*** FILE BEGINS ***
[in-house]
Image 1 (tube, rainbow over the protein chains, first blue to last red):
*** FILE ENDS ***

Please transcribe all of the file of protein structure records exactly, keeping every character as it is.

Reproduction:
[in-house]
Image 1 (tube, rainbow over the protein chains, first blue to last red):